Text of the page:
And recently a Paladin of Sarenrae. This character is heroic but in a way that is unusual. The DM is female and really dislikes the class. We discussed the character before I joined the group, which was well established with one evil member and several "morally ambiguous" types. The class fit with the goals of the storyline but it was requested that I not play a Dudley Do Right or a sermonizing cliche. I basically picked out the personality of the Eagle Scout you grew up with, but never really hit it off with who later joined the US Army and made Special Forces in less than 8 years. He's somewhat myopic in worldview. I played him just slightly sexist (we have a very vocal feminist in the playgroup, the DM suggested this) as a counter to the parties Abjuror, who he sort of pairs off with in combat oddly. His level of Moral Certainty makes him a little frightening but his tendency to account for the group's actions personally has been an enjoyable experience.

I'm not sure that Heroic has always been common place with the groups I've played with. It was when i was younger, but its slowly eroded some with time. As a DM I prefer storylines that promote choices that have ramifications in the greater scheme of things. Making those choices in a way that changes how a character views himself/herself is sort of my goal as a DM. I do recognize that sometimes a good ole' Dungeon Crawl is what's best for everyone but across a campaign Arc, there needs to be some Moral or Ethical undercurrent as these are the enemies that are actually a challenge for adventurers.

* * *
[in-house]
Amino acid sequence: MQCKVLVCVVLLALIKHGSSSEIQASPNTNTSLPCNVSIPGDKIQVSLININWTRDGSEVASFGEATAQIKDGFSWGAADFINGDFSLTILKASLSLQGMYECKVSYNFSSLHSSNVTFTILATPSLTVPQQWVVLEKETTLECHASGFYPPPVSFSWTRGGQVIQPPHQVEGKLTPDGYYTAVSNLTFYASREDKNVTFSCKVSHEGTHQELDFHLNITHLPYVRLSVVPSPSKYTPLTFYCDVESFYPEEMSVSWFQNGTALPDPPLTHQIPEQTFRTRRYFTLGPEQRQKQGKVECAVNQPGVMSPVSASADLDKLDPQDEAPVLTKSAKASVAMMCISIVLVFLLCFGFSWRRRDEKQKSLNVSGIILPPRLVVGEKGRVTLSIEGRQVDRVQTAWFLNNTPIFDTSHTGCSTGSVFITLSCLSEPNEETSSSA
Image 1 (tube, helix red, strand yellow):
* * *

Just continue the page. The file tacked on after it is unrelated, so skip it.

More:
Jonathon Vining wrote:
Zilfrel Findadur wrote:
So? who knows what is the seal and what happened to it?
Not supported by anything other than the BotD1 text, I kind of figured the seal was the positive energy plane.

It's hidden underneath Kaer Maga and guarded by a monastic street gang?

Wes and Sutter shared an office back then.

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I actually think Isger is ripe for this.
*It's decentralized government.
*Recent goblinoid war.
* It's full of bandits.
*Molthune is your northern neighbor.
*Cheliax is nearby and there are probobly imperial sympathizers all around you.
*Nobody else seems to want it.

Somewhere, I forget which Campaign Setting book (Seeker of Secrets?) there is a reference to a "Proto-Kelid" people in Isger that are still living there. This is a great source stock for PCs to come from. The PCs don't need to be conquerors but instead folk heroes who have simply tired of Chelaxian indifference and incompetence in the Capitol. This let's you play up the snobby arrogant side of the "bad guys". Could be fun.

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This thread got me thinking, so I revisited the maps and source material and did some topolographical comparisons with Earth.